B. NPM's Attorneys' Fees and Expenses

The initial point from which to determine the reasonableness of an attorney's fees is the presumptive market value of her work: i.e., her standard hourly rate.Gusman v. Unisys Corp., 986 F.2d 1146, 1150 (7th Cir. 1993). The attorney's affidavit alone does not establish the reasonable market rate, but "in conjunction with other evidence of the rates charged by comparable lawyers is sufficient to satisfy [the party's] burden." Harper v. City of Chicago Heights, 223 F.3d 593, 604 (7th Cir. 2000); see also Markon v. Bd. of Educ. of the City of Chicago, No. 05 C 3715, 2007 WL 1232196, at *1 (N.D. Ill. April 25, 2007). A significant departure from this rate must have some reason other than the ability to identify a different average rate in the community, e.g., an attorney did not display the excellence or achieve the time savings that justify a higher rate, or the party did not require top talent for a no-brainer case. Gusman, 986 F.2dat 1151.

In her affidavit, NPM's attorney Cynthia Vocat ("Vocat") attests that while she was employed at NPM her standard billing rate was $200/hour and $250/hour for court and deposition appearances. Upon opening her own private practice in September 2006 (since which time she has continued to be involved in the case) her billing rate has been $225/hour. Enrico Mirabelli ("Mirabelli"), a founding principal of NPM, billed at $375/hour and $400/hour for court and deposition appearances. Erin Masters, a junior associate attorney, billed at $125/hour. Paralegal efforts were billed at $90/hour, and law clerk efforts were billed at $50/hour. These hours are close enough to, or less than, the approximate mean rate charged by Chicago attorneys for cases of this kind such that the presumptive standard of reasonableness of the hourly rates charged will not be disputed by the court. See, e.g., Markon, 2007 WL 1232196, at *1 (lead attorney's hourly rate of $285/hour in similar case was reasonable). Mirabelli, as a senior partner, billed at a considerably higher rate, but his involvement with the case was apparently peripheral (Mirabelli's two billing entries were for a conference concerning, and review of, defendants' motion to dismiss: Mirabelli billed a total of 0.75 hours).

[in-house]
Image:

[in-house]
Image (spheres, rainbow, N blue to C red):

NPM was named as a defendant in Counts I-V, VIII, XII, and XIV, or a total of seven of the thirteen-counts considered herein (Count I is not considered). NPM was granted attorneys' fees and expenses with respect to Count II only. NPM's total time billed to the case amounts to 69.9 hours for a total of $12,311 in attorneys' fees. Of that total, the court disallows $150 billed on July 10, 2005 to a law clerk for three hours of research on conspiracy and extortion claims (attorneys' fees were not granted for that count), leaving a total of $12,161. The court therefore grants one-seventh of the total allowable billed hours ($12,161/7 total counts x 1 count), or $1,737.29 to NPM.